(2) Effect of the refugee claim on the application
The principle of non-refoulement forbids a country from returning an asylum seeker to a country in which they would likely be in danger of persecution. This principle has been considered the cornerstone of international refugee protection. Canada has implemented the principle of non-refoulement in s. 115(1) of the Immigration and Refugee Protection Act.
The principle of non-refoulement applies not only to recognized refugees, but also to asylum seekers whose status has not yet been determined. Refugee protection is not limited to those granted refugee status but applies equally to asylum seekers. If, under the CLRA, a child is ordered returned to a place from which asylum is sought, the child’s rights to asylum are lost. A person is not permitted to continue a refugee claim once in their home country. Nor is the person entitled to make a second claim should the person return to Canada.
Children are entitled to protection as they seek asylum. The application judge erred by ordering their return under s. 40(3) of the CLRA before the determination of the refugee claim.
The Court disagreed with the OCL’s submissions (and the mother’s alternate submission) that the entire application, including the mother’s request that Ontario exercise its jurisdiction to make custody and access orders for the children under s. 23 of the CLRA, should have been adjourned pending the refugee determination. The Court gave three reasons.
First, it is the s. 40(3) return order that would engage the non-refoulement principles, not the s. 23 analysis. Section 40(3) empowers the court to make a return order in extra-provincial matters. Section 40 confers broad powers on the court and unlike the terms of the Hague Convention, does not require a return of the child to his or her habitual residence absent engagement of the harm exception. A return order must not be made under s. 40(3) in the face of a pending refugee claim. The Court left to another day how the court should proceed if a return order to a signatory country was sought under the Convention in the face of a pending refugee claim.
Second, the OCL submitted that the serious harm analysis in s. 23 should not proceed until the refugee determination is made because it is only after a positive refugee determination that the children would have the benefit of a rebuttable presumption of the risk of harm. Refugee status gives rise to a rebuttable presumption of a grave risk of harm on return to the child’s habitual residence. It defies common sense to require children to await a refugee determination because the case for serious harm may get stronger. If the court is satisfied as to serious harm, it may exercise jurisdiction under s. 23 and proceed to make custody and access orders for the children even before the refugee determination. The Court did not share the OCL’s concern that in the face of a pending refugee claim a court might, as here, conclude that it was not satisfied as to serious harm under s. 23 and the rebuttable presumption would be lost. When the issue is potential harm to children, the courts must always be guided by the children’s best interests. If a rebuttable presumption of harm arises from a refugee determination following an adverse s. 23 finding, the court would be required to revisit the s. 23 determination using the rebuttable presumption flowing from the child’s new status as a refugee. Under s. 23, the court must be satisfied that the child would, on the balance of probabilities, suffer serious harm. When the child becomes a refugee, there is a fundamental shift in the court’s approach by introducing a rebuttable presumption that the child would with some certainty suffer serious harm. Introducing a rebuttable presumption means the court must consider harm differently for the purpose of s. 23. When a request is made for the court to exercise jurisdiction under s. 23 in the face of a pending refugee claim, but the court is not satisfied that the serious harm requirement has been met, the court may want to consider exercising its power under s. 40(2) to stay the proceedings until the refugee claim is determined. However, even when the court concludes that the s. 23 test was not previously met, it will always be required to revisit the s. 23 analysis in light of the refugee determination and through the lens of the rebuttable presumption of harm. Most importantly, the return order under s. 40 could not be made before the refugee claim is resolved.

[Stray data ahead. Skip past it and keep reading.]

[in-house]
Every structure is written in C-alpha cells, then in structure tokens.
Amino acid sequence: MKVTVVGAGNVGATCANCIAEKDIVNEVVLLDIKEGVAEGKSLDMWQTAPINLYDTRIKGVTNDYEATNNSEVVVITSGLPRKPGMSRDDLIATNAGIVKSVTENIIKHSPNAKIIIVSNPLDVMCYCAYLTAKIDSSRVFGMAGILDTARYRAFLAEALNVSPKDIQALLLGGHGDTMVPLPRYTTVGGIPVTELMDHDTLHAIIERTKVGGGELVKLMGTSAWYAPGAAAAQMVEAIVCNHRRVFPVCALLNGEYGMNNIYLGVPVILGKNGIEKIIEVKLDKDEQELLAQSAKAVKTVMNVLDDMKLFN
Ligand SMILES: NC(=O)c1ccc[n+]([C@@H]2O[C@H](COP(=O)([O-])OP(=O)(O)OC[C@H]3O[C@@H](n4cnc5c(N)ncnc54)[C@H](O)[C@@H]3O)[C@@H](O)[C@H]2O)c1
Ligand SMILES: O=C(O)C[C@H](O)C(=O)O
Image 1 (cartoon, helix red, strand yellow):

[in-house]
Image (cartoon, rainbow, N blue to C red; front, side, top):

Finally, the best interests of the child require that when the court is satisfied as to serious harm under s. 23, there be no further delay in making custody and access orders. This case demonstrated why. The new evidence described that the children were anxious, exhibited physical symptoms, and were unsure of their immediate future. A delay was not in their best interests.
The matter was remitted to a new custody and access hearing before the Superior Court.